Mirrors

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I’m not sure when I first started avoiding mirrors, but one day, I realized that I was. It’s not that I never look in a mirror – I’m human – I need to see to fix my hair or put on makeup or make sure my clothes aren’t on inside-out or something – which I have failed at twice in the last six months or so (though if it’s dark, I really do avoid them – a leftover fear from my jackhole neighbor boys telling my Mary Worth stories when I was five).

It’s less about avoiding the mirrors, exactly, and more about the way I cringe when I do look in them. I see a face that doesn’t look like me – or like the me I used to be. The me I want to be. I see gray hair and huge pores and bad skin and dark circles. I see tired eyes and sagging boobs. But mostly, I see fat. This isn’t who I want to be – not the fat woman, really (though I don’t want to be her, either), but the woman who hates herself, the woman who hides from mirrors because she hates what she sees.

I try to raise my daughter to never be that person. I never want her to hate herself, hate the way she looks. I never want her to be ashamed of what she looks like instead of proud of who she is. I refrain from talking about how I look in front of her. I teach her about loving yourself and the way you look. I stress to both of my kids that kindness and compassion are important and looks are not. And even though I do all that. I still worry that they will realize how I feel – that I’ll give off some vibe of self-loathing. That’s they’ll be able to read my face; pick up on my looks of disgust in the mirror the way I picked up on the looks of disgust my mom gave me as a teen, even when she wasn’t calling me fat (when I was 104 pounds – a whole other story).

I want to love myself – I really do. Ironically, when I had someone constantly telling me I was fat or trying to force me into unrealistic diets or buying me too-small clothes, I did love myself – it hurt that she said it, but I never believed it. Even after I started gaining weight (and losing and gaining again and again), I still felt strong and confident – I felt better during the “losing” times but during the “gaining” ones, I still had it in my head that I was OK – that I was a good person, that I had something to offer, that I was…well…pretty. But somewhere along the way something changed and I became the tentative, un-confident, self-conscious, self-loathing person that I don’t even recognize anymore – neither by the way I look nor the way I feel. The one who doesn’t show up in photos anymore. The one who wears the same things over and over because she doesn’t feel good in clothes anyway. The one who hides when she sees an old friend – or even worse – an old boyfriend out in public because she is too ashamed (not self-conscious, but ashamed of how she looks. How did I become this person? Where did the real me go?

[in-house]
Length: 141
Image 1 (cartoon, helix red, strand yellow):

I took The Girl out for lunch the other day and the wall next to our booth was a mirror and I watched as my beautiful, silly, kind, funny, wonderful daughter spent an hour looking into that mirror. Not looking and sighing in disgust, but looking and loving what she saw. She made silly faces. She posed. She laughed. She waved and kissed and fixed her hair. And she smiled. Something I haven’t done in the mirror in a long time.

I spend a lot of time trying to teach her, but watching her that day made me realize how much she has to teach me.

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About sugarmag

Forty-sdjhfkjsdhfkjsdh year old mom of 2 - a 18 year old boy and a 11 year old girl. I love them very much, but they drive me crazy. I'm married and work full-time. I'm not sure which of these is the most exhausting, but probably the husband. I'm opinionated. I'm outspoken. I'm loud. I'm an over-sharer. I think Tom Cruise is a jackass. I like to say jackass. I like to swear, period. Fuckers. I love to read. I struggle with my weight. I love my job. I dress my pets up and ridicule them regularly. I am not afraid to cut my hair and I don't understand people who are. I hate getting old. I love to laugh. Make me laugh, OK?

4 responses »

  1. I wish contentment was easy. And that joy in that same contentment was inevitable.More importantly, I wish what started in childhood stayed around the rest of our lives.

  2. I feel like we're one and the same… I was just today realizing that I am not the confident person I used to be and I too avoid mirrors. I envy those who look at themselves and love the person they are and I'm fighting to get back there. It's a journey, Gina, and I'll be your cheerleader as we both get back to the place and the person we want to be.

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